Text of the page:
When Mrs. G. loaded up her '67 red VW Bug to head to college, she took along her high school boyfriend, Eric, and her goldfish, Roxy. Both of them were unfailingly loyal. Eric held Roxy in her glass bowl as they hurtled down I-5 from Portland to Eugene.
One of the conditions of Mrs. G's parents paying for college was Mrs. G. giving the Greek system a try. Mrs. G's stepfather had fond memories of his fraternity days and he wanted Mrs. G. to create some of her own. So, in pursuit of higher education, Mrs. G. reluctantly played along and was invited to join the Delta Gamma house at the University of Oregon. One of the most "popular" sororities on campus, it was also referred to as Delta Glamma because it was chock full of fake-tanned blondes dressed like the Kennedys at a clam bake in Hyannisport and The White House because several members had an eager affection for Blow. As you can imagine, Mrs. G. fit right in.
Since Mrs. G. was a pledge, she shared a room with her sorority Big Sister. Mrs. G's portion of the room included two drawers and a quarter of a closet. She never fully unpacked her suitcase. No one slept in their rooms but rather in a "sleeping porch," which was simply a large room filled with bunk beds where 45 girls crashed. The sleeping porch was Mrs. G's nightmare. She couldn't sleep with all snoring, lip smacking and narcissistic consumption of her air. She would lie in bed and imagine all the hot breath permeating the room. It was paradise...for Ted Bundy.
Because of her lack of personal space, Eric agreed to keep Roxy at his place. He, too, was living in a fraternity, a more civilized space where you got your own room with your own bed in it. Roxy lived on Eric's dresser and Mrs. G. would come over daily to feed her and make out with Eric. It worked for all involved.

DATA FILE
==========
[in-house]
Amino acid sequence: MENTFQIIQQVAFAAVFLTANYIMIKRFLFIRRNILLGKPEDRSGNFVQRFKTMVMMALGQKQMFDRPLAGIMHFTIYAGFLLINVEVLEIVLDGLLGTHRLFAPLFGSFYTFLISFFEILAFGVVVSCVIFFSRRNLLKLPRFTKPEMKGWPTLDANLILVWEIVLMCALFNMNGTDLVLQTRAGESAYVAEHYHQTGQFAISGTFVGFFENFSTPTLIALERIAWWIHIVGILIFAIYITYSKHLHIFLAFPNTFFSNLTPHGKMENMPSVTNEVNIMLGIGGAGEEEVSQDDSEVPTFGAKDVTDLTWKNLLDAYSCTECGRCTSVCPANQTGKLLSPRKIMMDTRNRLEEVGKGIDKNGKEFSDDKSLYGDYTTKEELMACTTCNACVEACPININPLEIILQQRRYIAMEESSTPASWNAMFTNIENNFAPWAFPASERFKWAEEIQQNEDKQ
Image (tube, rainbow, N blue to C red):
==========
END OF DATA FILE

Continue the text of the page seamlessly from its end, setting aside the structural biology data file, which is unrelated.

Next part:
As hell week approached, the weekly ceremony where you commit to being a full fledged member of the sorority, Mrs. G. started secretly looking for studio apartments. She'd heard rumors that hell week included nudity, blindfolds, car trunks, sketchy second locations and beer bongs. Though only nineteen, Mrs. G. was actually born a 36-year-old, leery of horseplay, monkey business and local law enforcement. Hell week? Uh uh. She wasn't having it. She wasn't having any of it. She broke the news to her parents and sorority sisters and moved out.
Her boyfriend Eric chose to go through hell week and other than being hung over and exhausted, he seemed none the worse for wear. Mrs. G. pressed him for details of his hazing but he kept his fraternity oath and refused to share even one detail of the most chaste depravity. When Mrs. G. headed to the stairs to feed Roxy (and make out), Eric stopped her and told her he had some bad news: Roxy had inexplicably died.
Mrs. G. gasped. Roxy was relatively young in goldfish years. It was an untimely death. And then it hit Mrs. G. like a two ton truck. Hell week.
"Did you eat Roxy?" Mrs. G. screamed.
Eric insisted he had not.
"Just tell me," Mrs. G. lied, "If they made you eat my goldfish, I will understand. I know the demands of hell week can be excruciating. Just tell me the truth and we can put it behind us."
"I swear I didn't eat Roxy," Eric said, "She just died."
Mrs. G. let it rest.
But just for a bit.
Nothing was ever the same for she and Eric. She didn't trust him as far as she could throw him. When he kissed her, she tasted aquarium.
Three weeks later Mrs. G. called it quits. It's impossible to devote yourself to someone who might have eaten your pet.
Mrs. G. will never really know without actual proof if Eric ate Roxy but, frankly, Mrs. G. doesn't need proof. Judge and jury, she knows the bastard did it.
Mrs. G. has forgiven Eric but she can't speak for Roxy, who, sadly, is unable to speak for herself, her life cut so wretchedly short. But if there are goldfish in the afterlife, Eric had better watch his sorry ass.